A recent trip to Dufferin Mall’s Creepers outlet reveals that cultural stereotypes are still up for sale in downtown Toronto.
Halloween in North America has—as vintage costumes, photography, and advertisements attest—always inspired a precarious flirtation with cultural and racial stereotypes. In art historian Phyllis Galembo’s Dressed for Thrills: 100 Years of Halloween Costumes & Masquerade, you’ll find several antiquated examples of blackface masks dating back to the 1920s, as well as other plastic facades such as “Asian Princess” that were produced in the ’60s. (That said, those with an enduring proclivity for high-stakes social ineptitude can still buy a “Fee Ling Yu Asian Man Halloween Mask” on Amazon.) Cultural historian David J. Skal echoes the unease in his book, Death Makes A Holiday: A Cultural History of Halloween, when he suggests that “most Halloween depictions of blacks are obviously intended for white audiences, and relied heavily on a blatantly negative stereotype.”
Obviously, this isn’t news to most of us. If we had a Ouija board to converse with a spirit or two from those bygone times, they might say something like “meh, it was the era, bro—that’s just how we rolled back then.” But go ahead and Google “Racist Halloween 2011” and you can read all about a group of American students who, just last year, were advised to reconsider dressing up in blackface or as geishas, prompting an online crusade titled “We’re a Culture, Not a Costume” in direct response.
Maybe that sort of thing is par for the course in Ohio, but what about in an enlightened, culturally diverse city like Toronto?
Over at Dufferin Mall, below the recently shuttered Boston Pizza, is Creepers, “Canada’s Creepiest Halloween Superstore,” a temporary retail outlet dedicated to costumes, props, fake blood, and itchy wigs. It’s cavernous. “Thriller” plays over the PA, and most costumes on sale are innocuous, hyper-sexualized, or both. (Sexy Santa? Really?) It’s everything you’d expect from a Halloween store.
There are, however, occasional costumes and accessories that raise an eyebrow or two. Beside the sexy-cowboy costumes, you’ll find sexy Aboriginal costumes with names like “Reservation Royalty” and “Chief Wansum Tail.” Beside the doofus-sized Old Milwaukee beer-can costume, a bumbling-suicide bomber-turned-skeleton wearing a headwrap named “Achmed the Dead Terrorist” beckons. Up front near the cashier, there’s an entire row of ghetto-fabulous accessories, including a “girlfriend” hat-and-wig combo.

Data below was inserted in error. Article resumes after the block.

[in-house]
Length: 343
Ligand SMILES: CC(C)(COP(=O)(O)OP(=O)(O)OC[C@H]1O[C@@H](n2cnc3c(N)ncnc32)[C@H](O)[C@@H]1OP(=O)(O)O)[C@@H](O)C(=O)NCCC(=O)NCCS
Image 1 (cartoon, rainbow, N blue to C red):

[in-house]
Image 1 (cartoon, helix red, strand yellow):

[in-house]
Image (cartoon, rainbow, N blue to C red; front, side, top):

One could certainly argue that, in a downtown-Toronto mall with an exceedingly diverse customer base, in the year 2012, costumes like these are, well, kind of messed up.
If you’re unsure about why thrusting your cleavage up through the plastic beadwork of the Reservation Royalty get-up is problematic, Aboriginal-arts advocate and college instructor Kerry Potts can explain: ”I think wearing the costume is like saying, ‘We don’t know you, but we might want to have sex with you if you aren’t too dark-skinned and have a bum I can bounce a quarter off of,” she says. “I’m not sure Toronto has a collective attitude about Aboriginal people, because it’s such a diverse city, but knowing these costumes are in every costume store in Toronto makes my head hurt—I know I’m going to want to talk to each person and ask why they’re dressed like that, and then hear about Sparkle-whatever-horse.”
An attempted conversation with Creepers’ store manager yields a terse response. She didn’t feel comfortable discussing the perceived insensitivity of these costumes and, after a phone consultation with her “boss” at head office, the official stance was that Creepers didn’t want to comment on these products because “it would generate negative publicity.”
This isn’t a witch hunt, though. If anything, the question remains (based on the retailer’s maxim that supply is dictated by demand): Who is actually buying these costumes? How many people are actually walking into Halloween shops right this minute and asking, “Do you have any more of those terrorist-skeleton-headwrap getups? Too funny, bro!” Or, at a party, if you were to ask the girl in a curly wig/hat combo about the look she’s trying to achieve, would she say, “Oh, you know, just trying to nail that whole zany girlfriend-from-the-projects thing”?
Reliably, the argument surrounding political correctness and Halloween costuming will continue as it has. Knee-jerk reactions may come from both sides of the coin. (“Everything’s offensive!” vs. “shut up and let them dress how they want to.”) But these latest examples from Creepers are reason enough to pose a final question: Do antagonistic costumes like these belong in Toronto?